10 Things You Didn’t Know About JavaScript (most likely)

Abdullah Al Fahim
2 min readMay 5, 2021

Learning JavaScript is like swimming on the ocean. One may be in the development field with JavaScript for many years but still there is something he may not know! Today I will share some of them that you may not know.

  1. JavaScript was originally going to be called LiveScript, but it was renamed in an ill-fated marketing decision that attempted to capitalize on the popularity of Java language — despite the two having very little in common. This has been a source of confusion ever since.

2. NaN is not equal to NaN !

NaN === NaN // false

3. You can define Object keys from variable directly:

Cont firstProperty = “name”;Const myObj = {[firstProperty]: “Hasan”,}

4. The length property of Array is not always the number of items the array contains.

For instance:

Remember, the length of an array is one more than the highest index.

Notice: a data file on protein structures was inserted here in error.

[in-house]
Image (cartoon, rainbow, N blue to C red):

5. If you use expressions in switch statements it won’t convert implicitly. It will act like === operator.

6. Empty string(“”) is treated as falsy value but empty array([]) and empty object({}) are treated as truthy value.

Boolean("") // falseBoolean([]) // true

Consider this:

Const a = {} || 5; // a={}Const a = “” || 5; // a=5

If you want to use them as truthy value then use array.length or object.property

Boolean([].length) // falseBoolean({}[“name”]) // false

7. String started with “0x” are treated as hexadecimal number.

parseInt(“F”) // NaNparseInt(“0xF”) // 15

8. You can write any character of any language using the escape sequence. Write "\u{XXXXXX}" where XXXX is 1–6 hex digits in the range 010FFFF . e.g. “\u{0985} is “অ”. See the Unicode chart for all the character values.

9. Random function of Math object returns floating point between 0 to 1. But use can get any random number between any two integers using this formula:

function randomBetweenTwo(min, max) {
return Math.floor(Math.random() * (max - min + 1) + min);

Though random is not so random!

10. You can create custom properties for Arrays.

const array = [1, 2, 3, 4, 5];
array.type = "numbers";
console.log(array.type); // numbers

That’s it for today. Keep exploring JavaScript.




Abdullah Al Fahim

The more you know, the more you realize you know nothing.